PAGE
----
Is LED backlit (in LED monitors) flicker-free?

Discussion in 'PC Hardware' started by Man-wai Chang, Sep 13, 2010.

  1. I meant, is it continuous, or is it flashing like CCFL?
     
    Man-wai Chang, Sep 13, 2010
    #1
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  2. Man-wai Chang

    John Doe Guest

    I mean... Why does Hong Kong and its people think that UseNet is
    for selling their namebrand knockoff products?

    How many aliases does the original poster have and use for
    spamming UseNet?

    Only The Shadow knows...
    --
     
    John Doe, Sep 13, 2010
    #2
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  3. Man-wai Chang

    VanguardLH Guest

    Here's the question.
    Oh no, I forgot what was the question after having to wade through a
    signature that comprises 78% of the lines in the post consisting of
    random fluff quotes, proselytizing linux, and pointing at a particular
    gov't agency in a worldwide publicized post.
     
    VanguardLH, Sep 13, 2010
    #3
  4. Man-wai Chang

    Paul Guest

    I can't answer the question, but I can make a few suggestions.
    My guess is, it is "flashing".

    First of all, LEDs give a relatively consistent color output, if
    operated at a constant current. If you attempt to control their
    intensity, by changing the current flowing in them, the color
    shifts. And good color control is necessary to get a nice white
    balance from the backlight.

    The next alternative, is called PWM or pulse width modulation.
    A constant current is delivered to the LED, for a variable period
    of time. The modulation will be at a frequency above the ability
    of humans to perceive. For the LED and control circuit, it
    probably isn't that critical what the frequency is - in other
    words, it is easy for them to make it high enough so you
    won't see a flicker.

    You might ask, why would intensity adjustment be necessary at all ?
    Two reasons.

    1) Modern monitors have dynamic contrast specifications. When you
    view a movie, the backlight is turned down on demand, frame by frame,
    to give the best contrast ratio. This allows 3000:1 contrast from
    LCD panels that have only 500:1 contrast from the panel itself.
    It allows the quotation of an exaggerated contrast spec.

    2) LEDs age with time. A LED will lose 50% of intensity within the
    first two years of service. To compensate for the loss of
    intensity, a photodetector in the LCD monitor can detect the shift, and
    increase the pulse width period to compensate. The compensation
    can be applied during the entire life of the monitor. The backlight
    level may also be adjusted, according to ambient lighting
    conditions in the room.

    The old LCD monitors, with their CCFL illumination sources
    do much the same thing. CCFLs are modulated at two frequencies.

    1) The inverter runs at 25KHz or so. It converts 12VDC to 700-1000 VAC
    to start the CCFL running. The CCFL tube runs at a high voltage.
    The reason the CCFL inverter runs at 25KHz, is so the noise from
    the inverter operation, will be above the range of human hearing.

    2) For intensity control, the inverter is run in bursts, at about 200Hz.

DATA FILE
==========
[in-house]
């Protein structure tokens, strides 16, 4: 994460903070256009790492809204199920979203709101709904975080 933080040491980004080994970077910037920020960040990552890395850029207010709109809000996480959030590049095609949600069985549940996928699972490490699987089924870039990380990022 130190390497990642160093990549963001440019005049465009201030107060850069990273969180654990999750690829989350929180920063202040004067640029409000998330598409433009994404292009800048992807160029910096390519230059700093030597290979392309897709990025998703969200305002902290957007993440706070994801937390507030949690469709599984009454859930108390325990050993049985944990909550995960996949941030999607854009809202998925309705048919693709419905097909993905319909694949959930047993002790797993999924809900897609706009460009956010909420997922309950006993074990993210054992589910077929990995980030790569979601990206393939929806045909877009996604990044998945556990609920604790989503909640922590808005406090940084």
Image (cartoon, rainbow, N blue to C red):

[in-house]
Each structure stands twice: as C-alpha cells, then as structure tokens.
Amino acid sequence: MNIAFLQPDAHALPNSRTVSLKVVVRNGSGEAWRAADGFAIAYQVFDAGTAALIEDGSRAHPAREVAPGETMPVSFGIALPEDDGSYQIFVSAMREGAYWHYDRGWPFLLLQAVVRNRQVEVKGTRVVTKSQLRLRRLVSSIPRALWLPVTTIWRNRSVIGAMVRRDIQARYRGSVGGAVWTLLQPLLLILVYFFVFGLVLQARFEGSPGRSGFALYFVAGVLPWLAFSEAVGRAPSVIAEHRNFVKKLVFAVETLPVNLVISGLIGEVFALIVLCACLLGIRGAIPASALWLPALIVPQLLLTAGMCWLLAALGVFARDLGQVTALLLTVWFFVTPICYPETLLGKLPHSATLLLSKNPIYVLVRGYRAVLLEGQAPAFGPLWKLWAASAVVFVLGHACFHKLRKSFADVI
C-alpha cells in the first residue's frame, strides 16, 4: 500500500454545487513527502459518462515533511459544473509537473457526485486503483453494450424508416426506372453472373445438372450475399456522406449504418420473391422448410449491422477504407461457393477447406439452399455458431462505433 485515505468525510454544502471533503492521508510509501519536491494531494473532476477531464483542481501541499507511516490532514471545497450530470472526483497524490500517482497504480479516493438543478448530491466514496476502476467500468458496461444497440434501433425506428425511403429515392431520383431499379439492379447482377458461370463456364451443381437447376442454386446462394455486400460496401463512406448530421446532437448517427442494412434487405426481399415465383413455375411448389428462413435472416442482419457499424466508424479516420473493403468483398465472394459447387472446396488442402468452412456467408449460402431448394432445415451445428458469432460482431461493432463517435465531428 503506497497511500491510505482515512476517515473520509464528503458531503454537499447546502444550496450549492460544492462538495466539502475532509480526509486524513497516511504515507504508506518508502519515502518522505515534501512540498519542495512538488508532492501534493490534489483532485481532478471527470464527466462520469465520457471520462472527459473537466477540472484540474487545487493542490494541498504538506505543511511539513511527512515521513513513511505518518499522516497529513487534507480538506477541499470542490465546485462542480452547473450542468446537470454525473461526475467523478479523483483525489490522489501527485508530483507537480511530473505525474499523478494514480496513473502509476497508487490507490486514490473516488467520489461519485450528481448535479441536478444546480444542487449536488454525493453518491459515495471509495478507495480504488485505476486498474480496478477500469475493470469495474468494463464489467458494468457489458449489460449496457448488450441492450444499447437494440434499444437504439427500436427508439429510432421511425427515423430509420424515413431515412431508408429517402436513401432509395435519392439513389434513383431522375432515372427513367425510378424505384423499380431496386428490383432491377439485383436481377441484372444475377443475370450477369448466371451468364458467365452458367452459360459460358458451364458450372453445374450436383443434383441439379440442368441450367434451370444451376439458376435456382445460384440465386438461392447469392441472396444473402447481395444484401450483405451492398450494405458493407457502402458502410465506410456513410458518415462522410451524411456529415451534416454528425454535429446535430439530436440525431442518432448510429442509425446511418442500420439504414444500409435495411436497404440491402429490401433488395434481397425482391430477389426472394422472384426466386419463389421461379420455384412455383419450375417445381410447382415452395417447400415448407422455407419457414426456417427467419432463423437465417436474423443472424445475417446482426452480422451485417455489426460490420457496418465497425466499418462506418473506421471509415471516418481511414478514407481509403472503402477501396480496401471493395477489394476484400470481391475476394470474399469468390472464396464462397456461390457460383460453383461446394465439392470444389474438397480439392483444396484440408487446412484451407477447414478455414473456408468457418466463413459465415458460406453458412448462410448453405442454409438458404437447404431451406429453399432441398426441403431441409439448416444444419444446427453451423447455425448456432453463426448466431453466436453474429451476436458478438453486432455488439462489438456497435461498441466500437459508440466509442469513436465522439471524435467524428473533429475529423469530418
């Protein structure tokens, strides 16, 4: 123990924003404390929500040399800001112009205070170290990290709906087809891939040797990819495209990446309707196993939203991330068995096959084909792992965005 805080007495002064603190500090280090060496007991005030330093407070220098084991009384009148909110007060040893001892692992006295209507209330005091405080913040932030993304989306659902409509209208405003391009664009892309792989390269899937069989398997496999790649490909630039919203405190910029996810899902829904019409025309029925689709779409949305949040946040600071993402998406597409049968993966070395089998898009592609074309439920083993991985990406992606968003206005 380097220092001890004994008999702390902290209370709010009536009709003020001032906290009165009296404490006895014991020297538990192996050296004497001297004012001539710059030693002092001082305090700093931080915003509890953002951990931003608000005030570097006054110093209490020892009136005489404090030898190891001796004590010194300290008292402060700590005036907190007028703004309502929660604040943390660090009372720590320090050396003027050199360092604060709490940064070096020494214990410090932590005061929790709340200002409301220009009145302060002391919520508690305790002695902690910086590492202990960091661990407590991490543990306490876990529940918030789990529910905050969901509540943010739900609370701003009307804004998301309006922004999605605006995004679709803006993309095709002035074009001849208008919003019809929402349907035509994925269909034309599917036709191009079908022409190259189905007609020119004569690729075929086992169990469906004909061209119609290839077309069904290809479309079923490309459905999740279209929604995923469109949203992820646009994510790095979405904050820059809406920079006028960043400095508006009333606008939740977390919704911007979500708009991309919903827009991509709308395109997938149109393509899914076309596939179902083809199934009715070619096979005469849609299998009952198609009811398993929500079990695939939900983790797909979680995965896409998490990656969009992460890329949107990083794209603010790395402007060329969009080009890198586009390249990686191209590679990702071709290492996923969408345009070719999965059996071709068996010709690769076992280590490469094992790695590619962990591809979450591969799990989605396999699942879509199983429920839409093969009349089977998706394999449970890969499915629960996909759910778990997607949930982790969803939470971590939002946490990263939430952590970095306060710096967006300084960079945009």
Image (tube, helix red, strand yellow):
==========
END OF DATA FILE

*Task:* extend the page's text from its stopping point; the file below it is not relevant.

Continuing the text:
The exact frequency is selected, so you won't perceive a flicker.
    (It's that old PWM thing again :) ) This provides a wider range
    of light intensity settings, than simply varying the 12VDC fed
    into the inverter. And it also allows the CCFL to run with a
    consistent coloring (at least, until the tube wears out and
    the light turns brownish).

    So in some ways, they're equivalent technologies, with similar capabilities.
    The ability to provide dynamic contrast, the ability to compensate for
    loss of light output with age. And relative freedom to select operating
    frequencies which won't be perceived by humans (either visually or
    aurally).

    The LED provides an advantage on color gamut. It's unclear, whether
    in all cases, the LED monitor is really saving a lot of power. I
    haven't seen measurement numbers to back up such a statement. And
    the LED might last longer, because it isn't dependent on a dirt-cheap
    inverter for its operation. That potentially makes it a more reliable
    technology. The reliability, really depends on the manufacturing,
    and how many corners they cut while making the product.

    (Extended Gamut)
    http://www.xbitlabs.com/images/monitors/samsung-sm-xl24-xl30/p2s.png

    Paul
     
    Paul, Sep 13, 2010
    #4
  5. Man-wai Chang

    John Doe Guest

    That depends on the context. If that were entirely true, they
    would be rich.
    I have been messing with spam for a long time here on UseNet.
    No telling what that stuff is supposed to mean.
    --
     
    John Doe, Sep 14, 2010
    #5
  6. LEDs age with time. A LED will lose 50% of intensity
    Does this mean all LED monitors, though cheaper to make, require
    replacement every few years?
     
    Man-wai Chang, Sep 16, 2010
    #6
  7. Man-wai Chang

    Paul Guest

    The LED continues to operate, so it is not a problem. There
    is a graph here, to show the relative loss in intensity of
    various light sources, for comparison. Every generation of
    LEDs, has different properties in this regard.

    http://www1.eere.energy.gov/buildings/ssl/depreciation.html

    I just looked at a recently introduced high power LED, and
    it lists "70% lumen maintenance (L70) at 50,000 hours of operation",
    and 50000 hours is a decent lifetime.

    Paul
     
    Paul, Sep 16, 2010
    #7
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